Hidden fingerprint reader could aid removal of buttons from front of smartphones
Flagship smartphones and tablets of the future may not have a visible fingerprint reader on the front of the device, if a technology from one research firm is adopted by manufacturers. Sonovation has worked out a way to bond the fingerprint sensors directly onto the underside of a smartphone's glass display, potentially allowing for a future removal of visible readers, such as the home button on more recent Touch ID-enabled iOS devices.
Claims attackers can acquire fingerprint data before it is secured
The fingerprints of owners of some Android smartphones could be acquired by hackers, researchers claim. A flaw, said to affect the Samsung Galaxy S5 and other unnamed Android devices, allegedly allows an attacker to copy the biometric data on the device itself, suggesting that fingerprint-based security on Android is not as secure as first thought.
Acquisition of AuthenTec by Apple prompted removal of planned Nexus 6 function
The Google Nexus 6 was going to have a fingerprint sensor, but Apple forced a change in the phone's design, the ex-CEO of Motorola claims. The Android smartphone was initially going to have a fingerprint reader on the back, where a Motorola-branded dimple now resides, but Apple's acquisition of AuthenTec is said to have put a stop to those plans completely.
Zwipe, MasterCard team up to combine fingerprint authentication, contactless payments
At a press event last week, MasterCard and Zwipe announced a new type of payment card dubbed the Zwipe MasterCard. Where the new card is different from the the standard credit or debit card is in the payment process, looking to biometrics to approve purchases. The Zwipe MasterCard uses authentication via fingerprint for MasterCard contactless payment terminals, while retaining Europay, MasterCard and Visa (EMV) chips on cards.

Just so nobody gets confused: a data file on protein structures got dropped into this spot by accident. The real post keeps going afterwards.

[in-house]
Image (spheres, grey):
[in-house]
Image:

Iris scanner highlighted as next security system by Samsung executive
Samsung is looking to add more biometric sensors to its future smartphones, an executive has revealed. Following on from the fingerprint reader built into the current flagship, the Galaxy S5, the company hopes to add similar systems throughout its range, even for low-specification smartphones, with the next security feature likely to use iris recognition.
TYLT announces new Energi Sliding Power Case and ALIN screen protector for new Galaxy S5
Portable power and wireless charging manufacturer, Tylt, has today introduced its Energi Sliding Power Case and Alin Screen Protector for the newly released Samsung Galaxy S5. The Energi Sliding Power Case pairs portable charging with physical protection, and is equipped with a 2,800mAh internal battery that is double the capacity of the Galaxy S5. The ALIN screen protector facilitates an easy installation, with its accompanying alignment tool. Four screen protectors are provided, with each featuring two removable tabs to avoid fingerprints during the application process.
Touch ID more reliable, but S5 swipe reader able to be used with more merchants